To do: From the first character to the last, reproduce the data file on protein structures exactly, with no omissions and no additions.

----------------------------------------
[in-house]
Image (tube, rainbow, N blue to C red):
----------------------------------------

[in-house]
Image (tube, rainbow, N blue to C red):